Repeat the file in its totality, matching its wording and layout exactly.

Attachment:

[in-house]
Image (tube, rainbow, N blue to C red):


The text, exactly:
[in-house]
Image (tube, rainbow, N blue to C red):